The ADA provided its members and their patients detailed guidance on March 18 on what to consider dental emergencies and nonemergency dental care as part of an effort to curb the spread of the coronavirus disease, COVID-19, and alleviate the burden on hospital and emergency departments. The guide is meant to provide additional guidance following an Association recommendation that dentists nationwide postpone elective procedures to do their part to “mitigate the spread of COVID-19.”
The ADA is recommending that dentists nationwide postpone elective procedures in response to the spread of the coronavirus disease, COVID-19, across the country. “The American Dental Association recognizes the unprecedented and extraordinary circumstances dentists and all health care professionals face related to growing concern about COVID-19,” according to the March 16 statement from the ADA President Chad P. Gehani.
The state of Washington passed a bill in its senate “creating the dental laboratory registry within the department of health and establishing minimum standards for dental laboratories serving dentists in Washington state.” According to National Association of Dental Laboratories Chief Staff Executive Bennett Napier, this was the first new laboratory standards bill on registration passed by any state legislature in more than 30 years.
There is no question that dental insurance has had a positive influence in availing the public to dental healthcare services. Unfortunately for dental consumers, the insurance industry’s primary responsibility is profit generation for shareholders. This is in direct contrast to a doctor’s primary obligation of placing patient interests to the fore.
According to research by the National Association of Dental Laboratories (NADL), only four states in the U.S. require dental technicians to be certified or obtain continuing education. In order to increase awareness of the lack of standards in the dental industry, NADL created the “What’s In Your Mouth?” campaign to inform patients that their dentists might use technicians that lack the skills and knowledge they should have.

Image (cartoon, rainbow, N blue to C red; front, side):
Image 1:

When FDA began studying the use of CAD/CAM in dental laboratory technology, the FDA’s initial focus was on angulation and the implant/abutment interface. FDA ultimately made clear statements that anyone making the implant/abutment interface is a “manufacturer” as such must obtain 510(k) clearance to do so…
Tallahassee, FL: At the recent ADA Annual Session, the ADA House of Delegates passed Resolution 52. This resolution says “Resolved that in order to enhance dental patient health and safety, the ADA urges all state dental boards to register U.S. dental laboratories”. The culmination of ADA taking this step has been more than ten years […]
The U.S. Senate showing uncommon bi-partisan support, last night overwhelming passed a budget amendment expressing strong support for repeal of The Affordable Health Care Act’s, better known as ObamaCare, 2.3% medical devise tax. The non-binding amendment to the annual Budget Resolution passed 79-20, with 33 Democrats and one Independent joining all Senate Republicans in passing the measure. […]
The National Association of Dental Laboratories (NADL) was able to fund a legal analysis of the proposed rule for the Medical Devise Tax that went into effect on January 1, 2013. The final rule, released in December, outlined that the vast majority of devices made by domestic dental laboratories do not meet the IRS’s proposed […]